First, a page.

The issue of HPV trials on children in Andhra Pradesh (Khammam district) and Gujarat (Vadodara district) since April 2010, resulting in the death of seven children exposed the failures, irregularities and corruption in our regulatory system of both Centre and States.
Act of wilful negligence
Experts appeared before the Committee pointed out defects in reporting and dealing with serious adverse events, lack of preparedness if risk occurred. The side effects mentioned by the manufacturers themselves were revised several times and now include serious health issues. Since there were contraindications to the use of the vaccines, the reasons for not ascertaining contra-indications before the girls were vaccinated is clearly an act of wilful negligence.
A number of discrepancies and gaps in the investigations of the deaths have also been pointed out. There was no diary card based reporting of adverse events for recording minor or major adverse events in the study protocol in such a large study. This resulted in gross under reporting of the adverse events.
Second expert, while analysing deaths and Adverse Events Following Immunizations (AEFI), has observed, after reviewing all seven deaths (five deaths from AP in the Gardasil group and two deaths in Gujarat from Cervarix group), that there was no common pattern to the deaths that would suggest that these were caused by the vaccine.
However, the reporting system as per Government of India surveillance of vaccine preventable disease guidelines notification was not done within time limits in two cases in AP and both the cases in Gujarat. There was no uniformity in the reporting system of AEFI in both the States. The primary end point of the study was to find out the number of girls having serious and non-serious adverse events following vaccination through routine UIP system. He has opined that in this regard, first of all, routine system of reporting should have been verified in both States.
Third expert has stated that the reporting of non-serious adverse effects (AE)s was grossly under reported and hence the accuracy of Serious Adverse Events (SAE) is doubtful as well. It has been observed that delay in reporting and investigations of deaths could have been due to sole dependence on routine UIP protocol. It was a significant lapse in the protocol and execution of the study.
While reporting on safety aspects in the study, it has been pointed out that there was absence of preparedness to handle (SAE) like anaphylaxis, cardiac arrest, seizures, etc., occurring at the sites of vaccine administration. Though such serious adverse events might be rare but it was advisable to be well-prepared for such an eventuality through adequate training of health workers.
Assessment of the immune status of the participants by the ANM, ASHA or the health workers was virtually non-existent. These issues needed to be addressed as prescribing information of the HPV vaccines specifically contra-indicates administration in immune-compromised subjects (such as HIV/AIDS etc.) The methodology and implementation of the study at both the places was full of flaws.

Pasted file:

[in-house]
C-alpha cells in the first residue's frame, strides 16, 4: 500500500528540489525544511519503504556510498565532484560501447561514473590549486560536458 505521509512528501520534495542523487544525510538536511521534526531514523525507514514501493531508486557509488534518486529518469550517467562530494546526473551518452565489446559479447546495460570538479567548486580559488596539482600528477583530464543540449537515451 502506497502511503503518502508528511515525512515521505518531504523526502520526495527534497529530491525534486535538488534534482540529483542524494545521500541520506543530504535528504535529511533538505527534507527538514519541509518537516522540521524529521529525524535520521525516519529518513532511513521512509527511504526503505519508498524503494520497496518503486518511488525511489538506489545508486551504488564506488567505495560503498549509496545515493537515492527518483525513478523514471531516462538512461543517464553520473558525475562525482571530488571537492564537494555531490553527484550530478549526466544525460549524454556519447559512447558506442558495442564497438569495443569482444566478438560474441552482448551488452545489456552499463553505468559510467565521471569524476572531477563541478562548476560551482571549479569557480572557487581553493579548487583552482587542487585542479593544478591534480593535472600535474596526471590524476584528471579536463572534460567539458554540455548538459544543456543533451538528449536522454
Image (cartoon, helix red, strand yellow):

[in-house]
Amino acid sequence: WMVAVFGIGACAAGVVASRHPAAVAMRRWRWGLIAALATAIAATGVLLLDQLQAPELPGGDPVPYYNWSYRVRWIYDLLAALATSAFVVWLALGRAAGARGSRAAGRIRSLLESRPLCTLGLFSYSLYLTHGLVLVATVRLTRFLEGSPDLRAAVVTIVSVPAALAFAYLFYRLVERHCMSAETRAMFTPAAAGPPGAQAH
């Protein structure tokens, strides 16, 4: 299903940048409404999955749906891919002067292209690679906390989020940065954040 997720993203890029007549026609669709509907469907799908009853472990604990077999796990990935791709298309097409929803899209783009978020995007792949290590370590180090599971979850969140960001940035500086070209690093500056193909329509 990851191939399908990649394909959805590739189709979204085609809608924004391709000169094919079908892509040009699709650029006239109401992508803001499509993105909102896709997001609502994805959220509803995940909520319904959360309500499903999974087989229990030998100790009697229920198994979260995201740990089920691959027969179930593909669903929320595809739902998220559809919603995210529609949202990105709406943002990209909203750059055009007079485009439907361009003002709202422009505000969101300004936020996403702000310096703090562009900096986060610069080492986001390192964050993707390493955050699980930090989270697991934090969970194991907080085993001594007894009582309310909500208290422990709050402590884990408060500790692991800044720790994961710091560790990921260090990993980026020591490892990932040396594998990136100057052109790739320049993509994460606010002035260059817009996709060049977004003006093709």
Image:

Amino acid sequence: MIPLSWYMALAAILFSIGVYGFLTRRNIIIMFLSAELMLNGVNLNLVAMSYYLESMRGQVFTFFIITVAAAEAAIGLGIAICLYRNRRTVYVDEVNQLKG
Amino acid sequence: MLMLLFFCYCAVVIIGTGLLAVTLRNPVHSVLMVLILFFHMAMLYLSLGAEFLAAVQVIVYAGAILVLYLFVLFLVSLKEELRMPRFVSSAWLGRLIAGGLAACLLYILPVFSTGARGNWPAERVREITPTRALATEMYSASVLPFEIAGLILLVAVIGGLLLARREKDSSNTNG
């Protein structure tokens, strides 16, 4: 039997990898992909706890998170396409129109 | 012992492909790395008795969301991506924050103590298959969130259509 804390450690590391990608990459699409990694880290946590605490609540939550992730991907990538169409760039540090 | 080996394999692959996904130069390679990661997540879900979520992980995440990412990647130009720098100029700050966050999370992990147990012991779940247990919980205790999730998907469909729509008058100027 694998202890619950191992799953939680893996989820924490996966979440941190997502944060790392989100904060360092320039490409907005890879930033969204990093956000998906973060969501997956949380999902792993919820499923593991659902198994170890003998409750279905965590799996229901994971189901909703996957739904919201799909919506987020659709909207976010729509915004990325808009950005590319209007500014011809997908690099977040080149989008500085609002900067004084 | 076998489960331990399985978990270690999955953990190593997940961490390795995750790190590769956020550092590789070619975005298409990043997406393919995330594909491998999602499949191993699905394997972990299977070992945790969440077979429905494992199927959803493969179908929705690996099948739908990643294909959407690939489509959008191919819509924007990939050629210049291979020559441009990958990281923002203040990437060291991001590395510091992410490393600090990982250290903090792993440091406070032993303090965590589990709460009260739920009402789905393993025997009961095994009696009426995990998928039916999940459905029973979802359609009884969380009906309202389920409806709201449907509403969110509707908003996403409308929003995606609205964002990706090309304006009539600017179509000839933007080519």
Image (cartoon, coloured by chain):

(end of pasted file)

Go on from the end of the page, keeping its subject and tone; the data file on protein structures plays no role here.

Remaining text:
PSC advised utmost caution since the population under study was vulnerable, in the implementation of the study. It suggested an independent monitoring mechanism in such a study involving human participants so that the accurate recording of AEs and SAEs could be made.
The findings of the experts clearly indicate that the safety and rights of the children in this vaccination project were highly compromised and violated. PSC was also concerned over the fact that there was no insurance cover for the children.
The Committee strongly recommends that while allowing any such trial in future, all the lapses pointed out by the experts should be addressed effectively. ICMR and DCGI should ensure strict adherence to the guidelines, methodology and monitoring.
The Ethics Committees existed only as a formality and they did not play the role they were designated for. This is a clear dereliction of duty on the part of the Ethics Committees. There should be a mechanism in place to take appropriate action against such dereliction of duty on the part of the Ethics Committees. The Committee wanted specific guidelines for the Ethics Committee, which has to follow strictly, and its functioning needs to be regulated.
The Brajesh Pathak Committee in 72nd report recommended that such practices of diverting public funds for advancing interests of a private agency should never be allowed in future, and strongly recommended strict action against those officials for such lapses.
Considering the above lapses and irregularities committed by PATH during the course of conducting the trials on hapless tribal children in Andhra Pradesh and Gujarat, the Committee is convinced that the authorities concerned did not exercise due diligence in scrutinizing the publicity material of PATH. The Committee recommended Ministry to investigate into acts of omissions and commissions and take necessary action against responsible for breaches.
The Inquiry Committee pointed out: (i) Irregularities in obtaining consent forms and actual implementation of the consent process; (ii) Lack of monitoring and preparedness to deal with serious adverse events; (iii) Inclusion o f vulnerable and tribal population groups; (iv) Blurring of distinction between U n i v e r s a l Immunization Programme and PATH study; (v) Absence of insurance coverage for the study participants; and (vi) Inclusion of the statement in the consent form that "you will not be charged for your daughter to receive the vaccine" that could be construed as covert inducement. The PSC asked whether any action was taken and compensation was given to family of children for suppression of material information before administering vaccines.